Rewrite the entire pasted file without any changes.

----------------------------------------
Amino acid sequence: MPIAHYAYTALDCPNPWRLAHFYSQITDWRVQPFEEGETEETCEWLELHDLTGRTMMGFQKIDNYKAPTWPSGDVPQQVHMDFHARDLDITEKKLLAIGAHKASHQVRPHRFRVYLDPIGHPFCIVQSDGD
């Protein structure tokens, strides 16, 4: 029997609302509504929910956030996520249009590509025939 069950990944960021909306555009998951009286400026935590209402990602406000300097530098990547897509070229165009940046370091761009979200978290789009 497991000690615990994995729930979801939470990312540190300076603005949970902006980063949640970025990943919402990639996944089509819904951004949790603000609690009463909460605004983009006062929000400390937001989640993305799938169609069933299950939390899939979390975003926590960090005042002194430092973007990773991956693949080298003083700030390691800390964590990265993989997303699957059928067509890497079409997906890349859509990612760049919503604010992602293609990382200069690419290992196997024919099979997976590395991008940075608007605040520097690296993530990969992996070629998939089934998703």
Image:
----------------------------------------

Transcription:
Amino acid sequence: MPIAHYAYTALDCPNPWRLAHFYSQITDWRVQPFEEGETEETCEWLELHDLTGRTMMGFQKIDNYKAPTWPSGDVPQQVHMDFHARDLDITEKKLLAIGAHKASHQVRPHRFRVYLDPIGHPFCIVQSDGD
């Protein structure tokens, strides 16, 4: 029997609302509504929910956030996520249009590509025939 069950990944960021909306555009998951009286400026935590209402990602406000300097530098990547897509070229165009940046370091761009979200978290789009 497991000690615990994995729930979801939470990312540190300076603005949970902006980063949640970025990943919402990639996944089509819904951004949790603000609690009463909460605004983009006062929000400390937001989640993305799938169609069933299950939390899939979390975003926590960090005042002194430092973007990773991956693949080298003083700030390691800390964590990265993989997303699957059928067509890497079409997906890349859509990612760049919503604010992602293609990382200069690419290992196997024919099979997976590395991008940075608007605040520097690296993530990969992996070629998939089934998703």
Image: